I noticed in the mail log last night that I'm getting a new message:

MAIL (mailed XXX bytes of output but got status 0x0047#012)

The cron job did run successfully though (as it's a script that transmits to a third party API, and they confirmed that they received data), but I'm unable to see the status of the transmission on our end.

I'm thinking it might be related to amount of available disk space, but I have no way to be sure.

Here is the output of df-h

Filesystem      Size  Used Avail Use% Mounted on
/dev/xvda1      9.8G  9.7G     0 100% /
devtmpfs        1.9G   64K  1.9G   1% /dev
tmpfs           1.9G     0  1.9G   0% /dev/shm
/dev/xvdb1       48G  6.7G   39G  15% /var/www

For reference, we're using Centos 6.6 on AWS

I tried looking online for the meaning of this message, but I was unable to find it. If anyone could shed some light on it, that would be great, thanks.


The answer marked as a dupe did not help me, as it's not related to my question and the user asking that question got a different error response.

| improve this question | | | | |
  • What is the cron job? – Craig Watson Sep 29 '15 at 15:16
  • It pulls data from our database and sends it to a third party API. It calls a PHP script to handle that. – hugmungus Sep 29 '15 at 15:20
  • 1
    If the cron is outputting that error, perhaps you should look at the script itself. I doubt anyone here will be able to tell you what is happening inside your own script. – Craig Watson Sep 29 '15 at 15:21
  • 2
    possible duplicate of MAILTO is not working for CRON. How can I fix this? – Craig Watson Sep 29 '15 at 15:26
  • 1
    A simple web search for your error text turned up the above question. – Craig Watson Sep 29 '15 at 15:27

Your disk is indeed full, shown by the 100% used stat for /dev/xvda1, I've edited your question to include the output headers for the df command.

You need to clear space on your disk for your logs to continue.

| improve this answer | | | | |

So I got a hold of our system admin (we contract out to him, I'm just a dev at my company), and he said this was an issue with updating our AWS server. Basically we log to our /var/httpd folder since we have plenty of space there, but the update caused our pointers to go away. Here are the notes from him to help anyone in the future.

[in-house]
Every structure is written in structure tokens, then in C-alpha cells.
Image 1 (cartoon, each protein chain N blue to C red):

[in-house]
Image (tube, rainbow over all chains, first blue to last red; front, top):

These notes relate to the issue in general, and the apache logs:

After a round of server updates last week, the apache logs were writing to the wrong location. This has been fixed and the logs are now properly writing to the /var/httpd volume again. We have the logs writing to the /var/httpd volume to keep it from suffocating the root volume. The root volume is 10GB and the /var/httpd volume is 50GB.

These notes are specific to the cron issue:

It was probably the root volume space issue. Mail servers write to queues which then send. If the volume was full then it couldn’t write to the queue.

I would still be interested in finding out where I can see a list of the status codes that cron uses, as that was my original question, and I can't seem to find this info. If I find this information out, I will update this answer with that.

| improve this answer | | | | |

Your Answer

By clicking “Post Your Answer”, you agree to our terms of service, privacy policy and cookie policy

Not the answer you're looking for? Browse other questions tagged or ask your own question.